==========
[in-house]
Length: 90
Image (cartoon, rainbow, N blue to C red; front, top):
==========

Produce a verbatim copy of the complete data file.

[in-house]
Length: 90
Image (cartoon, rainbow, N blue to C red; front, top):